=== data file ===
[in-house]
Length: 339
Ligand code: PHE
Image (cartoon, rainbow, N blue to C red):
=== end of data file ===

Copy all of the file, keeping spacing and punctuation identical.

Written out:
[in-house]
Length: 339
Ligand code: PHE
Image (cartoon, rainbow, N blue to C red):